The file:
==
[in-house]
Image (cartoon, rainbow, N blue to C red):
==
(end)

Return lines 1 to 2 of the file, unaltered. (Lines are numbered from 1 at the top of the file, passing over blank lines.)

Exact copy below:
[in-house]
Image (cartoon, rainbow, N blue to C red):